Dr. Clint Roush Inducted Into the Oklahoma Ag Hall of Fame, Winning the Governor's Outstanding Achievement Award in AgricultureThu, 31 Mar 2016 06:03:01 CDT
Dr. Clint Roush of Arapaho watched recently as an easy March breeze rolled across the lush Gallagher wheat that spreads a vibrantly green carpet between East and West Barnitz Creeks in western Oklahoma's Custer County.
That same gentle wind made the short hair dance on the back of an Angus feeder steer in the lot nearby.
On Wednesday during Ag Day at the state Capitol, Roush was recognized as the 2016 recipient of the Governor's Outstanding Achievement Award in Agriculture. As the winner of this award, Dr. Roush becomes the 19th member of the Oklahoma Ag Hall of Fame. After the award was presented, Dr. Roush talked with the media about the award and his lifetime involvement in the business of agriculture- you can hear his comments by clicking on the LISTEN BAR below.
Roush's life has been an example of diversified stewardship. The fourth generation farmer and rancher is a steward of the land but he's also served as a steward of farm and ag finance students and as a steward of the ag industry itself, serving as a champion of cooperatives for many years.
Just days ago, as Roush stood up on that ridge near Arapaho, he explained he's not only a steward but that their family the generations before and those to come are partners with the land.
"I've often heard that generations of farmers come and go, and it seems like they come and go rather rapidly, but the land endures," Roush said. "Each generation has to make improvements, increase the productivity and maintain the environment so that the next generation can continue to farm."
Recently, as Roush, 69, looked out across the wheat, past the steers and over to a field of alfalfa, he talked not only about a treasured heritage but also of great opportunities. Roush grew up around his great grandparents and grandparents and was raised right here by his parents. Now, Roush and wife Pam Steiner Roush, the fourth generation of a farm family that came from Switzerland, have three children: daughter Cortney (Roush) and husband Jamie Oakes; daughter Sara (Roush) and husband Josh Brown and son Rusty and wife Chandra Roush. Clint and Pam also have 14 grandchildren and one on the way.
"The thing I like to think about in a multi-generation farm is the transfer of knowledge and the sharing of experiences from one generation to the next," Roush said. "They (great grandparents, grandparents and parents) shared their wisdom, they shared their experience. So each generation adds on additional information, additional knowledge and additional technology as the generations go through.
"I look forward to the time when future generations of our farming operation deal with the amount of information that's available, the new technology like precision farming and the use of drones."
In terms of leadership, Roush credits his parents Harold and Essie Roush, as well as those such as Tuffy Howell, his FFA advisor and vocational ag instructor, Dr. John Goodwin, his first advisor at Oklahoma State University, and Dr. James Plaxico, who was Head of the Agricultural Economics Department.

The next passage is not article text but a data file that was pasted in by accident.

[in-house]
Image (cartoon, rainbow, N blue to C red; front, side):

"(Dr. Plaxico) took a chance on me and got me involved in teaching Farm Financial Management, Agricultural Finance, and doing Extension work with farmers and ranchers and agricultural lenders," Roush said. "This again was a tremendous advantage, getting to know all the people that we work with across the state of Oklahoma in the farm finance and agriculture finance area."
Roush carried what he learned from those individuals and others into his own classrooms. His commitment to agriculture includes a combined 14 years of teaching and consulting experience in agriculture finance, farm financial planning, business management and strategic farm planning at Oklahoma State University and Southwestern Oklahoma State University.
He has also been a steward of the ag industry through various forms of service.
Roush has held positions on the board of directors for nationally recognized institutions such as CoBank (2012 to present) and U.S. Ag Bank (2010-2011) and advisory council positions on the Kansas City Federal Reserve Bank (1998-2003), Oklahoma State University Bill Fitzwater Endowment Cooperative Chair (2000 to present) and the Noble Foundation Agricultural Council (1998-2003).
Regionally Roush has served as director for the Farm Credit of Western Oklahoma (1988-2009), Clinton Oklahoma Farmers Cooperative (1995 to present), Custer County Rural Water District (2013 to present), Custer County Cattlemen's Association (since 2000), and is a lifetime member of the Oklahoma Cattlemen's Association.
"I give the credit to God's providence in our lives that puts us in the right places, at the right times, to meet the right people," Roush said.
Roush has consistently demonstrated his focus on rural Oklahoma and America.
A life-long commitment to the agricultural industry has translated into many hours studying the issues at hand and traveling to board meetings and other events. He has become an expert on board procedures, human capital policies, strategic planning and reviewing data that compliments his fully developed leadership skills.
His commitment ties right back to stewardship, and that's about much more than just good business.
"(Stewardship) has been a way of life in our family," Roush said.
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